UOW welcomes commitment to fund Energy Futures Skills Centre
Centre will design and deliver courses to train and re-skill the clean energy and clean manufacturing workforces of the future
University of Wollongong (UOW) Vice-Chancellor Professor Patricia M. Davidson has welcomed the announcement that if elected a Labor government will provide $10 million to establish an Energy Futures Skills Centre at the University.
The announcement was made by the ALP candidate for Cunningham Alison Byrnes and the member for Whitlam Stephen Jones on Friday (13 May) at UOW’s Wollongong campus.
Ms Byrnes and Mr Jones said a Labor government would also provide $2.5 million in funding to upgrade equipment and teaching aids, creating a Renewable Energy Training facility at Wollongong TAFE to support training in renewable energy technologies.
Professor Davidson said the University was committed to unlocking Australia’s renewable energy potential, to supporting local industries to create sustainable jobs and to helping communities transition to a renewable energies future.
“I’d like to sincerely thank Alison Byrnes and Stephen Jones for this significant and important commitment they have made today to fund an Energy Futures Skills Centre and for their strong and positive support of UOW,” Professor Davidson said.
“I'm really excited to have the intersection between TAFE NSW and the University because today we don't know what the jobs of the future will be, but the two facilities will work closely to develop and deliver the education and skills that the workforce of the future needs.
“It’s important to have this investment in our city. We are going to lead this energy transformation in a way that is not about making money, but about saving the planet and about achieving social justice and making sure no one is left behind.
“We want to make sure the future looks bright for everyone.”
The Energy Futures Skill Centre will have our key components:
- Energy skills program development – new courses jointly design by UOW and TAFE NSW to train the energy workforce of the future, as well as transition programs to re-train existing highly skilled people, equipping them with the knowledge and training for careers in the clean energy and clean manufacturing industries;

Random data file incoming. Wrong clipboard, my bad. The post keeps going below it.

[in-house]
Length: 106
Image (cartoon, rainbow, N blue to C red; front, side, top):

- Energy skills program delivery – using state-of-the-art clean energy and clean manufacturing teaching laboratories to provide real-world examples of clean energy technology applications;
- Clean energy business support – the Energy Futures Skill Centre will collaborate with new businesses as they develop their business models in the clean energy and clean manufacturing space, from new technology start-ups through to well established large scale industries;
- Community outreach and engagement – the Centre will operate as an energy outreach centre, engaging communities in the development and implementation of an equitable energy future and forging strategic partnerships between UOW, TAFE NSW and industry partners.
Mr Jones said capability assessments pointed to shortages of a suitably skilled workforce in renewable energy technologies in the Illawarra and that the Energy Futures Skill Centre will deliver that capability.
“The Illawarra has a proud industrial history and this investment in the local workforce and support for local businesses will support a bright industrial future for the region,” he said.
Ms Byrnes said real action on climate change and renewable energy would require a suitably skilled workforce to develop it, build it and maintain it.
“This investment will equip our region to be central to energy generation, transmission and storage into the future,” she said.
“These investments in the University of Wollongong and Wollongong TAFE will help build and train the workforce of the future and support businesses as they navigate changes to their operations that might be required to use more clean energy.”